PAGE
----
on college campuses. Adam Lacy/Icon Sportswire via Getty Images hide caption

toggle caption Adam Lacy/Icon Sportswire via Getty Images

A hazing-related student death at Bowling Green State University has renewed conversations about hazing on college campuses.

Adam Lacy/Icon Sportswire via Getty Images

There were zero reported deaths from college hazing incidents in 2020 but as campuses reopen to students, there have already been two hazing-related deaths this year. Eight men face a range of charges including involuntary manslaughter, reckless homicide, evidence tampering and failure to comply with underage alcohol laws after Stone Foltz, a sophomore at Bowling Green State University, died on March 7 of alcohol poisoning.

At a press conference on April 29, Wood County Prosecutor Paul Dobson described the fraternity event in which initiates were told to drink 750 mL of hard alcohol — or about 40 shots according to Hank Nuwer, author of Hazing: Destroying Young Lives. Dobson said Foltz's death was "the result of a fatal level of alcohol intoxication during a hazing incident."

Experts like Nuwer are concerned that as students return to in-person learning and are eager to take part in "the college experience," more hazing-related deaths may be on the way.

"There seems to be a disconnect not seeing that alcohol-related hazing can kill," he says.

Nuwer is an emeritus professor of journalism at Franklin College and the author of five books on hazing. He spoke with NPR's All Things Consideredabout how the Stone Foltz case could reshape hazing prosecution, how college campuses create a "perfect storm" for hazing and about how to put an end to the practice, once and for all.

This interview has been edited for length and clarity.

Interview Highlights

On the legal history of prosecuting hazing

There've been charges all along, but often they get dropped or they're unsuccessful. I would consider this to be a landmark case because of the possibility of at least five years of imprisonment, if the prosecutor is successful.

We have 44 state laws out there on hazing, but some are very, very weak. And Ohio's is weak now, but they're trying to strengthen it after a death at Ohio University [in 2018], and now Bowling Green.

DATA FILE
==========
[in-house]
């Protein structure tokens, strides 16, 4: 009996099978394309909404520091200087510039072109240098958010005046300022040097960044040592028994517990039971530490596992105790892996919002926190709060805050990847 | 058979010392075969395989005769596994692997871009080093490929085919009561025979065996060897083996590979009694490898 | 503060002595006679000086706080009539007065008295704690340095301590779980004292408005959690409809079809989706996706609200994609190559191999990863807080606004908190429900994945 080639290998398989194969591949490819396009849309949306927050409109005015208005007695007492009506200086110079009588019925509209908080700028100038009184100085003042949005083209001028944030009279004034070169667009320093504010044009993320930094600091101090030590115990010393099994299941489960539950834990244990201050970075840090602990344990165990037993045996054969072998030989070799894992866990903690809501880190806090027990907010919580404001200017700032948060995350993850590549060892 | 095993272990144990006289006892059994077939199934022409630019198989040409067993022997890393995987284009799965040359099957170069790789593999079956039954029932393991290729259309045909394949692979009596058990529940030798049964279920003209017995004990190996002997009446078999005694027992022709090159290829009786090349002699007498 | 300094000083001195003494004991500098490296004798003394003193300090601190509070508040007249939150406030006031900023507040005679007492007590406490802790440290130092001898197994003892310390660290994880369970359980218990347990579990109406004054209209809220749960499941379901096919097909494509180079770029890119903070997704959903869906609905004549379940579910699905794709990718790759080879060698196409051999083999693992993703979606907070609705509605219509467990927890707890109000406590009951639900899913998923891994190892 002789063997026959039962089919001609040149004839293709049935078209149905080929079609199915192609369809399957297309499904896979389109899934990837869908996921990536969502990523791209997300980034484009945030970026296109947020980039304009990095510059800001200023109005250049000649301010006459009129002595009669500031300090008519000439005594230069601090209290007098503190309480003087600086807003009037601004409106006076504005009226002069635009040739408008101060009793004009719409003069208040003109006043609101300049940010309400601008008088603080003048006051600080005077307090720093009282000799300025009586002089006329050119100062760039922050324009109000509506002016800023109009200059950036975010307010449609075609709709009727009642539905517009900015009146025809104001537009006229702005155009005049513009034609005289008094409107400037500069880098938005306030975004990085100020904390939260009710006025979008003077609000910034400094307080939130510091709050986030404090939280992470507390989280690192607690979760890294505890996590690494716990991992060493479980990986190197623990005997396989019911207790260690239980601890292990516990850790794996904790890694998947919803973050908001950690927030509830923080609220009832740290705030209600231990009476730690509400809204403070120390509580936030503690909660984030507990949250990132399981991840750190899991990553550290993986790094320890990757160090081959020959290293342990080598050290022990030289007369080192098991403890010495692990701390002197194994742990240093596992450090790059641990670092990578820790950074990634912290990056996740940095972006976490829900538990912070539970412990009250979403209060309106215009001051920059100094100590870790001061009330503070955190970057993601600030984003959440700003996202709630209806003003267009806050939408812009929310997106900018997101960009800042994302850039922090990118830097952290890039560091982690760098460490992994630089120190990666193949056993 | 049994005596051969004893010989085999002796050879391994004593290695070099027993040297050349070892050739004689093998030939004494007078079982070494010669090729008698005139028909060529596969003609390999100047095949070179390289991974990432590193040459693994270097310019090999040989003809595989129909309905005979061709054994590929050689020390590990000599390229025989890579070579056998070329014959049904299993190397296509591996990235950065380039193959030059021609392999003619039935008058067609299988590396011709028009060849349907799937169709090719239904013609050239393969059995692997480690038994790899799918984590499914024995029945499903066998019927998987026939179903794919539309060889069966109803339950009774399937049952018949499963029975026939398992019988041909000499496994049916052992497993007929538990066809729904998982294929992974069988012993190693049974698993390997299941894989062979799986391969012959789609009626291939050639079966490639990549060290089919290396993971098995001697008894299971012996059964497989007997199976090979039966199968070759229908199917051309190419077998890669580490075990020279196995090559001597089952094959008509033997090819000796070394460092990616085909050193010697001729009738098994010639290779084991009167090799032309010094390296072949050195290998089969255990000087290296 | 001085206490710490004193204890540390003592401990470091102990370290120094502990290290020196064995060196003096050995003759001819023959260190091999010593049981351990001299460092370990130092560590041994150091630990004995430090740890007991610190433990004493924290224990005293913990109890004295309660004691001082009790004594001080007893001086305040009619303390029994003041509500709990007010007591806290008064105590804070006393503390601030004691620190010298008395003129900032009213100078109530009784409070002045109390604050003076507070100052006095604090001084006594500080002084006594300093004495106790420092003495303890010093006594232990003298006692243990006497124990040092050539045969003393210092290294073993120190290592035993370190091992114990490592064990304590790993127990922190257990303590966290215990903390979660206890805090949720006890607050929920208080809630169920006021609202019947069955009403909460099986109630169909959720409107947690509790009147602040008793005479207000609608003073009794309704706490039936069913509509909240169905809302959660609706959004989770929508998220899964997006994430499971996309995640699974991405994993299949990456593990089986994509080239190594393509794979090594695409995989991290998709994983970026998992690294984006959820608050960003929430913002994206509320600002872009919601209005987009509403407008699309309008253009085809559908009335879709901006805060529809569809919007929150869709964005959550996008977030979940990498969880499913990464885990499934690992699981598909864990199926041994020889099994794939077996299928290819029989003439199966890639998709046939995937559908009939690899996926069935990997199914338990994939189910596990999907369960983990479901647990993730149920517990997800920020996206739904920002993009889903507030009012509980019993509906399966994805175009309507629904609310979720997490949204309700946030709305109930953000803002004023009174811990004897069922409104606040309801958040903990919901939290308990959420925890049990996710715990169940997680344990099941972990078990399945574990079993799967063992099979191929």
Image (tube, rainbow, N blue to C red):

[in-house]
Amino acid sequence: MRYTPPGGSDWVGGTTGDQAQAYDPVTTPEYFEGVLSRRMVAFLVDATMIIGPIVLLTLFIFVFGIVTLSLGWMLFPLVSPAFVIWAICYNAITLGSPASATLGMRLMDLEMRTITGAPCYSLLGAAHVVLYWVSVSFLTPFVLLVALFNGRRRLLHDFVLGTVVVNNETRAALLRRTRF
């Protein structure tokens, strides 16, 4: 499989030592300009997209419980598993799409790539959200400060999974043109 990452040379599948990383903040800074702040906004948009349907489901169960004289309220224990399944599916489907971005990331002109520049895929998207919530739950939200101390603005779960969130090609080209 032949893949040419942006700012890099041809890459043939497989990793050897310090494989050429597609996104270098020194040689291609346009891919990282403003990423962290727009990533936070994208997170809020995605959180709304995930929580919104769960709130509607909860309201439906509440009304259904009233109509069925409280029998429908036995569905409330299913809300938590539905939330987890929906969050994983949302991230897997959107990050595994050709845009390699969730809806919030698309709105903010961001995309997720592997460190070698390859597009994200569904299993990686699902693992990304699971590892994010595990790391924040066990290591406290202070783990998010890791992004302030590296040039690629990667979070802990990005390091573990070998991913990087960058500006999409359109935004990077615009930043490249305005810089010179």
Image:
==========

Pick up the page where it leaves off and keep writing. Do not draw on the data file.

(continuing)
On what the return to college campuses means for hazing

What I'm seeing is in effect, we have two freshmen classes in that the sophomores have been taking online classes. Now they're going to be out there and they haven't had any hazing or alcohol education programs. They're coming out there with a gusto because now they're the people of status, who have power over these pledges. And then the regular freshman class is coming in, all excited as usual, and we've seen so many times where a death occurs within the first couple of days of the students on campus, sometimes before they've taken a single class.

On the challenges to end fraternity hazing

In my opinion, campuses are the perfect storm for something like this because we're all about status and power . All of these obstacles have led to today, when alcohol has been added to the mix. There wasn't a single alcohol death before 1940. Now, it's one of the most major [causes of hazing-related deaths]. There were 62 deaths from 2009 to 2021; 39 were alcohol-related.

On whether this is a chance for colleges to reset this part of campus culture

I want a hard approach. You have to go after the alumni who are encouraging this. You have to punish all of the hazing — not temporarily. This tradition has to stop, and it can't be looked at as tradition. As Mr. [Paul] Dobson, the prosecutor, is doing in the Stone Foltz case: You have prosecute to the fullest extent [of the law].

Karen Zamora and Patrick Jarenwattananon produced and edited the audio story. Cyrena Touros adapted it for Web.

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